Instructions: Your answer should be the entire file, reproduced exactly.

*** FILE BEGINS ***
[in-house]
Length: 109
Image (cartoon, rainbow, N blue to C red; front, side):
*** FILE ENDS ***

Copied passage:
[in-house]
Length: 109
Image (cartoon, rainbow, N blue to C red; front, side):